H)     She might change one of the variables in the game, without changing the code.  For example, we might find ourselves of more, or less, health points, wealth, or energy.  Note she has not changed the code.  The rules have not been broken, our sense of cause and effect has.  What’s at stake is a question of whether the system is closed; it has nothing to do with consistency inside the system.

I)        She might write a whole different code, inserting a virus so that you are – for all intents and purposes – playing a different game for a few seconds, before returning to the standard game.  I have to say that, as a programmer, this strikes me as a hideously inefficient and inelegant way to get the job done.  You’re going to have to add H or G to have lasting effects anyway, so I can’t imagine what possible utility this option has.  Nonetheless, most people I talk to – both pro- and anti-Christian seem fixated on defending Option I.  Really?

 

I see no reason miracles cannot be out of the ordinary and display Divine action and intent without ever appealing to something which breaks the laws of nature.

Sadly, I think what both sides want is an excuse to stop thinking.  The anti-miracle-ists want to insist that these things couldn’t have happened.  “The universe doesn’t work that way.”  When did they achieve perfect knowledge of the universe?  They’re unwilling to wade into the dangerous and complex ground of how we justify induction (reasoning from specific knows about general unknowns).  I have had great discussions with people about whether specific events occurred.  Whether those events cannot categorically occur is beyond my scope.  We can only say that we don’t know how they could occur and, yes, base our actions on a low confidence in their occurring.  Christians have been straightforward about admitting we expect low probability events on the basis of a personal promise.  Anti-theists should be just as straightforward about arguing against trust in that source.  Stop hiding behind analytic philosophy, empiricism, and probability.

On the other hand, there is an even larger camp of pro-miracle-ists who insist that God’s breaking of the rules is proof that something beyond the game exists.  If it were a simple statement of humility, I would be delighted.  “There are more things in heaven and earth, Horatio, than are dreamt of in your philosophy.”  Unfortunately, they go on to add: “And let me tell you exactly what they are.”  Absence of evidence is just that – absence of evidence.  There’s no point in asking if a theory is perfect – be it Keynesian economics, evolution, gravity, or general relativity.  Breaking one theory does not ever entail another theory.  (On a rare occasion it will strongly justify a null hypothesis, but even then one must be very careful in constructing the null hypothesis.)  Atheists have been straightforward in asking “What’s Christianity good for?”  Christians should be just as straightforward in answering that question.  Stop hiding behind ignorance, scriptural literalism, and heartfelt anecdotes about personal experience.  (The latter can be helpful for personal conversion, but don’t take the place of rational arguments.)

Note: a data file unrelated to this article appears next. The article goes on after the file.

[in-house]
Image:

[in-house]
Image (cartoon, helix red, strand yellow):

Everyone tries to make sense of the sum of experience they have, in light of the sum of reports they hear from others.  Theists and non-theists begin with different assumptions about the types of rules the universe might operate under.  I hope both sides will be mindful of doing so systematically, thoughtfully, and kindly.

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Responses

  1. […] Recommended Article FROM https://dacalu.wordpress.com/2013/05/02/god-and-the-programmer-on-miracles/ […]

  2. Interesting metaphor God as She?
    “God the Father and God the Son”?
    “He ascended into heaven and is seated at the right hand of God the Father”? another metaphor?

    • Dear Rex,
      In this post, the developer/programmer was a she and also a metaphor for God (compare Mt 23:37), not quite the same as saying God is a she.
      In general I think God is bigger than any image we can have of God so, if referring to GOD, I lean toward gender neutral language. I’m comfortable with my imperfect metaphors for God being male or female. In particular, I favor the the common Bible metaphors of Father (male), Son (male), Spirit or Breath (female in the Greek), and Wisdom (female in the Greek). Because Jesus is such a strong male image, I tend to follow the Greek and speak of the Holy Spirit as female, but I’m not particularly attached.

      God is with you.
      Lucas

      • Thank you dear friend , I knew you couldn’t resist answering…..soon you’ll be to busy you won’t have time for us Tuxons, but we’ll not soon forget you and all you’ve done to advance ECM at UA.
        Best
        Peace
        Rex

  3. […] Mix – GTU alum, university chaplain, and astrobiologist – has a new post over at his weblog that is worth a read if you have ever wondered about miracles. I’ll just give a quote and let […]

  4. […] You can check out the rest of Lucas’s blog by going here.  […]